TURBOCAM Research Scientist Educates Students on Company’s Clean Water Initiative
A group of Barrington Middle School (BMS) students came to TURBOCAM recently to tell us about their efforts to raise funds for a well project in South Sudan under the Water for South Sudan.organization. They did a wonderful job with their presentation and obtained a 501c3 status as a charitable organization, so they could receive donations. TURBOCAM donated to their cause and promised additional funds based on certain targets being met.
The fundraising idea started last year after the 7th grade class read a book called “A Long Walk to Water,” the story of a South Sudanese girl named Nya, who fetches water from a pond that is a two-hour walk from her home. She makes this trip two times a day, every day. It is also the story of Salva Dutt; how he survived the Sudanese Civil War as a refugee and made it to the USA, where he received an education and started the foundation Water for South Sudan. This foundation builds wells in small villages allowing a community to grow around it, bringing the people lives to live, not live to survive.
The BMS 7th grade students were so moved by the story they started their own group SSS or Saving for South Sudan, and after one year have raised all of the $15,000 required to build a well! It is impressive to see that the youth in our schools would have the vision and were willing to take action for a project of this magnitude.
Recently, Kyle Widman, a BMS 7th grade teacher, asked for a volunteer (Brad Crannell, TURBOCAM Research Scientist, was asked and he said yes.) to come and speak to the school about water filtration and the water mission work that TURBOCAM has been doing for years through the TurboSPAN project. Over the years, TurboSPAN, largely funded by the TURBOCAM cafeteria charity boxes, has designed, built, and installed systems in over 140 locations, including schools, orphanages, and rural communities.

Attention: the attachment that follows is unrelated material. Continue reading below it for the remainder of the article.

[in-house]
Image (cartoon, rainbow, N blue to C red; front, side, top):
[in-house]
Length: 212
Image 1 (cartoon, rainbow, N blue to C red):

The two ideas meshed perfectly to offer a class on water issues around the world. The Water for South Sudan project is providing water where none is available. The TurboSPAN project is filtering available water that otherwise would not be safe to drink.
The students came to understand why the wells at their homes provide clean water. The earth acts as a giant sand filtration system that cleans the water as it works its way through (Stage 1 in the TurboSPAN system mimics this). During the drinking water class, the students filtered contaminated water through 0.45 µm syringe filters, and quickly learned that filtering water is hard to do. It is difficult to push the water through the filter. Such a very fine filter will take out most bacteria, including cholera, which can be a problem in South Sudan and other places with poor sanitation. Even with all of that work, the students’ filters did not take out metals like lead or arsenic present in some contaminated waters. For that, they passed the water through a chemically reactive media (activated carbon mixed in a sand filtration column).
The class ended by challenging the students with this question: “Why did Jack and Jill go UP the hill?” The simple answer we all give is: “to fetch a pail of water,” but the story is much more than that. In agricultural societies, surface run-off water contaminates wells that are located at the bottom of a hill. A well at the top of the hill provides clean drinking water for Jack and Jill.
TURBOCAM thanks the Barrington Middle School and Brad Crannell for taking their time to educate students on clean water practices.